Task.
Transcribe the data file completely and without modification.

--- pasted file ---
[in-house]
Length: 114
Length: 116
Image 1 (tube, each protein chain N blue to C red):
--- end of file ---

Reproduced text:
[in-house]
Length: 114
Length: 116
Image 1 (tube, each protein chain N blue to C red):